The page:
South Otterington Church History
This church is the third church on the site. In the 19th Century the church was a plain Norman structure with the tower being constructed from the stones of an earlier church. The main features of the early church were its unmoulded round tower and chancel arches. The nave walls were thought to have been rebuilt in the reign of King Charles II. The earliest register was recorded from 1689.
There was very little space in the early church, with the nave being able to accommodate only 10 pews. The pews were allocated to 25 families in 1717 who had to pay an annual rent for the privilege. The aisle was a sunken cobblestone pavement and the doors, common with many of it’s time, held large wooden bolts on the inside to resist assault.
In 1844 with the church in a “dangerous and ruinous state” and wholly inadequate to accommodate the increasing population, permission was given to pull down, rebuild and enlarge the existing building. It is documented that they removed the tombstones, headstones and monuments “with the utmost respect”.
The new church was rebuilt with enough room for 300 and an enlarged churchyard of a fifth of an acre. The rebuilding was fully funded by William Rutson of Newby Wiske Hall for a sum of £7000. This was a memorial to his father William Charles Rutson Esq., an eminent Liverpool merchant. He made one stipulation, which was that the seating in the north aisle was to be used forever by the tenants of his estate who attended the church. The remaining pews were to be free for all parishioners but that they were to pay due regard to their station and rank in life. The average weekly attendance in 1870 was 92.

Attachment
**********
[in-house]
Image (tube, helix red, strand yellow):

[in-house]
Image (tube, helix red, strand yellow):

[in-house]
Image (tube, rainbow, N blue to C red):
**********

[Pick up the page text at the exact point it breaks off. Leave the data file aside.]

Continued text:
St. Andrew’s Church
St. Andrew’s Church is the Parish Church and is a Grade 11 listed building. The current building was built in 1846 in the Norman style, with square tower and Westmorland slate roof. It consists of a chancel measuring internally 22 ft. 8 in. by 18 ft. 1 in., nave 48 ft. 10 in. by 25 ft. 9 in., north aisle 8 ft. 1 in. wide, west tower 13 ft. square and a south porch. The belfry tower contains three bells by C & G Mears which were erected in 1847.
The stone reading desk at the north aisle of the chancel has three zigzag moulded and deeply recessed arches, with further zigzag moulding around the ledge. The pulpit forms five sides of an octagon on a pillared pedestal, having deeply sunken arches on each of the five sides with fine sculpturing where the base joins the supporting pedestal.
On the east wall there is a wheel window and two arched windows which originally contained plain glass, but now has fine stained glass fitted. These were completed in 1907 in memory of John Rutson.